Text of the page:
Harmony Borax Works
— Refining Borax —
These panels deal with how borax was mined and refined at the Harmony Borax Works in Death Valley.
Borates - salt minerals - were deposited in ancient lake beds that uplifted and eroded into the yellow Furnace Creek badlands. Water dissolved the borates and carried them to the Death Valley floor, where they recrystallized as borax.
Borax - blacksmiths used it, as have potters, dairy farmers, housewives, meat packers, and even morticians. For centuries humans have exploited borax for many important uses.
Harmony Borax Works
San Francisco businessman William T. Coleman built this plant to refine the "cottonball" borax found on the nearby salt flats. The high cost of transportation made it necessary to refine the borax here rather than carry both borax and waste to the railroad, 165 miles (265 km) across the desert.
Workers refined borax by separating the mineral from unwanted mud and salts, a simple but time-consuming process.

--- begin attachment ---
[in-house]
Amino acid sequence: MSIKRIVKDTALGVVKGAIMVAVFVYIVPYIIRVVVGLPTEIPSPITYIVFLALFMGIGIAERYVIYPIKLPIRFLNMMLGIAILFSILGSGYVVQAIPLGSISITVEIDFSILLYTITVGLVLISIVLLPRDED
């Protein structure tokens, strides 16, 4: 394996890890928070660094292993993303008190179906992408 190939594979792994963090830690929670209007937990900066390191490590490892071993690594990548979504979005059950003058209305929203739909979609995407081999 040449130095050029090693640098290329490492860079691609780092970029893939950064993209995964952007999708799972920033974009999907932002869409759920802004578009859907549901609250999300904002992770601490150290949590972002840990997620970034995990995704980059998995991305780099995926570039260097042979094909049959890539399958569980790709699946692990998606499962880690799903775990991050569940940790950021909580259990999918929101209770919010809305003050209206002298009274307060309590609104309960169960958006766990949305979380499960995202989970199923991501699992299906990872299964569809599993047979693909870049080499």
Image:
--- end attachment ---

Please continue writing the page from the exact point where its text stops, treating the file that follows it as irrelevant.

Workers heated water in the boiling tanks, using an adjacent steam boiler.
Winching ore carts up the incline, they dumped the ore into the boiling tanks.
Workers added carbonated soda. The borax dissolved, and the lime and mud settled out.
They drew off the borax liquid into the cooling vats, were it crystallized on hanging metal rods.
Borax will not crystallize at temperatures above 120 degrees, so Harmony Borax Works stopped operating during the summer. To keep the crystallizing vats cool the rest of the year, workers wrapped them with water-soaked felt padding, visible in the photograph.
Lifting the rods out, they chipped of the now refined crystallized borax. To produce "concentrated" borax, the repeated the process.
For later transport, the workers bagged and stored the refined or concentrated borax in a barn that stood behind you.
Living at Harmony
Crude shelters and tents once dotted the flat below you. Chinese workers slept and ate there; other employees lived at what is now Furnace Creek Ranch. This 1892 photo - taken after the works closed - shows the borax works in the center of the view and the company village on the flat to the left.